We humans find great joy in being able to comprehend complex ideas in simple terms. Our sensory and intellectual faculties severely limit the range of our experiences as well as their understanding. Thus, the exercise of simplification enables us to see the beauty we’d not have seen otherwise. In this sense, statistical mechanics serves as a lens that enables us to appreciate incomprehensible microscopic complexity by bringing it to relatively simpler statistical terms that we are able to appreciate.

It is common in statistical mechanics to describe the equilibrium behavior of a system of particles by using a statistical ensemble. For example, a microcanonical ensemble is used to describe an isolated system i.e. the one that doesn’t exchange energy or particles with the surrounding environment. Regardless of the initial state, such a system settles down to a typical state without the memory of where it began. A microcanonical ensemble is an equal probability distribution over a constant energy surface. For a system consisting of simple harmonic oscillators, we can think of a microcanonical ensemble as a spherical shell of thickness \(\delta E\) at a radius \(E\) from the center (see Fig. 1). In classical systems, ergodicity and Louiville’s theorem provide the link between the time-averaging and microcanonical averaging.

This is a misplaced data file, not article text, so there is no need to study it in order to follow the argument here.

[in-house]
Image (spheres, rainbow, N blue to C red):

Fig 1. A microcanonical ensemble i.e. a statistical description of an isolated system in equilibrium is defined as an equal probability distribution over a constant energy shell.

In our statistical mechanics courses, we borrow the microcanonical idea, and apply it to isolated quantum systems. Nevertheless, we also learn that the dynamics of a quantum state \(\ket{\psi_0}\) is described by a unitary evolution i.e. \(\ket{\psi_t} = e^{\frac{-iHt}{\hbar}} \ket{\psi_0}\). A natural question then arises- how can a reversible process be described by a statistical ensemble that completely ignores the history of the state? John von Neuman, one of the founding father of quantum mecahnics, attempted to answer this question with his quantum ergodic theorem (QET) [1], the main topic of this article.